When I first started working in the talent management field, one of the most confusing concepts for me to understand was competencies. On the surface, they look like activities or behaviors that we expect people in specific jobs to perform. And on some level, that is true. However, if three companies each have the same job title – let’s pick a generic position like “Sales Representative” – and all three companies have the exact same competencies for that position, then somebody is doing something wrong. Or, at very least, they could be ‘leaving money on the table’.
Competencies are foundational to effective talent management. When written well, they should be based on your organization’s strategy and your competitive differentiation – not a comprehensive list of everything that is expected for someone to perform in their job. Competencies are a limited summary of that job’s behaviors/activities that we want to encourage, measure, and reward because they contribute to the organization’s unique value proposition.
Let me illustrate with an example. Both Dollar General® and Neiman Marcus® are in the retail business. They both, most certainly, have a position called ‘Store Manager’. You can imagine, however, that the competencies for the Store Manager positions should be very different. One store is a low-cost, high volume supplier of goods to the masses vs. the other who is an exclusive seller of full-priced, high-end goods for customers who value luxury and full-service attention.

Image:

When evaluating Store Managers, Dollar General would likely emphasize behaviors that enable efficiency, scale, volume and customers’ satisfaction with pricing, access to basic goods and minimal time spent in store.
Neiman Marcus, on the other hand, would likely want to emphasize behaviors that leave customers feeling they had an exceptional experience both during and after the purchase of one-of-a-kind, high-end items. Ultimately, a purchase that sets the customer apart from the crowd.
Both positions are called Store Manager and will require common skills. However, their competencies should be very different based on the organization’s strategy and competitive differentiation.
In your own company, do the competency models for your positions encourage, measure, and reward the behaviors that reflect your organization’s strategy and differentiation? If they don’t, there’s a good chance you’re selecting the wrong candidates. In addition, you may not be effectively managing and developing employees to make the greatest impact on organizational results.